J35 frolicked past my window today with other J pod whales, and she looks vigorous and healthy. The ordeal of her carrying a dead calf for at least seventeen days and 1,000 miles is now over, thank goodness. She probably has lost two others since her son was born in 2010, and the loss of her most recent may have been emotionally hard on her.

—–

It has been heart-breaking to follow the story of the 20-year-old orca mom named Tahlequah (J-35), who has been carrying her dead newborn calf for nearly three weeks. But Tahlequah’s travails might add new insight into the mysterious death of a 3-year-old orca, who washed up on the Long Beach Peninsula in 2012.

Ken Balcomb, the dean of killer whale research in Puget Sound, has always maintained that the young whale, designated L-112, was killed by a concussive blast of some sort that caused massive trauma inside her skull. He suspects that military operations were to blame.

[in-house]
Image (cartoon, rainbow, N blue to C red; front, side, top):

A 3-year-old orca known as L-112 shown here before her death in 2012.
Photo: Center for Whale Research

The Canadian Navy acknowledges that it was conducting exercises near the U.S.-Canada border up to seven days before the dead whale was found. The activities, which included the use of sonar and detonations, started 85 miles northwest of the Strait of Juan de Fuca and ended up inside the Strait. The detonations were said to be too small to kill a whale except at a very close range.

Continue reading

Two deaths, no births for Southern Resident orcas over the past year

Two deaths — no births. The annual census of Puget Sound’s resident orcas shows a continuing decline in their population, as the normally social killer whales focus their attention on finding enough food to survive.